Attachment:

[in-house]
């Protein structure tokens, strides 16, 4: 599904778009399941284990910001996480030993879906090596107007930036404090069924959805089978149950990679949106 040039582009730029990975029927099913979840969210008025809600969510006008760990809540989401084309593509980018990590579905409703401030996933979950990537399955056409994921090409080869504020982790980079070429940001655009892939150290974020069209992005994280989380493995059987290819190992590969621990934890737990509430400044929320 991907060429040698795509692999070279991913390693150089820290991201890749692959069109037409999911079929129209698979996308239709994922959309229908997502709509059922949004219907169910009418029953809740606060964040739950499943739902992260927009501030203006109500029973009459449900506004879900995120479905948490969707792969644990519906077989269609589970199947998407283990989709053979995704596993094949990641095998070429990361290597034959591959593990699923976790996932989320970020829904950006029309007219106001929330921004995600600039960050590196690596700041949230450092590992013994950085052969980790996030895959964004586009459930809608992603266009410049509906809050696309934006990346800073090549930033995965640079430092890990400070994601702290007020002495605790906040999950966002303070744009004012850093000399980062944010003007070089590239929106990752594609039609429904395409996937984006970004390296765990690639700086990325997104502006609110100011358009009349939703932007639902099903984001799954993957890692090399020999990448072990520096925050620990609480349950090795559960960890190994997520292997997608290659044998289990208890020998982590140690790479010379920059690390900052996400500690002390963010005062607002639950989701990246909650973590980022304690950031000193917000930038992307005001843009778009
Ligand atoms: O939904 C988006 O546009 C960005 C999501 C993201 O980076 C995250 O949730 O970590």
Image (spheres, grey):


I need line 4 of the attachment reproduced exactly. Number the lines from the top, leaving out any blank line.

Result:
Image (spheres, grey):